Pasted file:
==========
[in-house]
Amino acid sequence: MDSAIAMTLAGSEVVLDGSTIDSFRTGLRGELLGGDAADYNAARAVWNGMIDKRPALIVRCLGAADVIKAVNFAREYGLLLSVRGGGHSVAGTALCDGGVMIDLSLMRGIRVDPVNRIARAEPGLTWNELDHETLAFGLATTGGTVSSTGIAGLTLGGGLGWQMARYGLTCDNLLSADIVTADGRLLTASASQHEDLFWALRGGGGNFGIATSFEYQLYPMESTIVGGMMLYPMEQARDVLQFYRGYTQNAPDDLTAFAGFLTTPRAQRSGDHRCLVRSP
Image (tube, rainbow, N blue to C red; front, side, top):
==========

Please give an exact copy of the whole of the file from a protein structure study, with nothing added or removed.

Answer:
[in-house]
Amino acid sequence: MDSAIAMTLAGSEVVLDGSTIDSFRTGLRGELLGGDAADYNAARAVWNGMIDKRPALIVRCLGAADVIKAVNFAREYGLLLSVRGGGHSVAGTALCDGGVMIDLSLMRGIRVDPVNRIARAEPGLTWNELDHETLAFGLATTGGTVSSTGIAGLTLGGGLGWQMARYGLTCDNLLSADIVTADGRLLTASASQHEDLFWALRGGGGNFGIATSFEYQLYPMESTIVGGMMLYPMEQARDVLQFYRGYTQNAPDDLTAFAGFLTTPRAQRSGDHRCLVRSP
Image (tube, rainbow, N blue to C red; front, side, top):